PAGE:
US Geological Survey


Date of this Version



Long, J. W., A. T. M. de Bakker, and N. G. Plant (2014), Scaling coastal dune elevation changes across storm-impact regimes, Geophys. Res. Lett., 41, 2899–2906, doi:10.1002/2014GL059616


This article is a U.S. government work, and is not subject to copyright in the United States.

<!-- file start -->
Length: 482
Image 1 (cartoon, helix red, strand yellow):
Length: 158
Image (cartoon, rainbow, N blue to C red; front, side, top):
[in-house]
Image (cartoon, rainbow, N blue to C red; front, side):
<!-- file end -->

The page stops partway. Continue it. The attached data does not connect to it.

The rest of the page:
Extreme storms drive change in coastal areas, including destruction of dune systems that protect coastal populations. Data from four extreme storms impacting four geomorphically diverse barrier islands are used to quantify dune elevation change. This change is compared to storm characteristics to identify variability in dune response, improve understanding of morphological interactions, and provide estimates of scaling parameters applicable for future prediction. Locations where total water levels did not exceed the dune crest experienced elevation change of less than 10%. Regions where wave-induced water levels exceeded the dune crest exhibited a positive linear relationship between the height of water over the dune and the dune elevation change. In contrast, a negative relationship was observed when surge exceeded the dune crest. Results indicate that maximum dune elevation, and therefore future vulnerability, may be more impacted from lower total water levels where waves drive sediment over the dune rather than surge-dominated flooding events.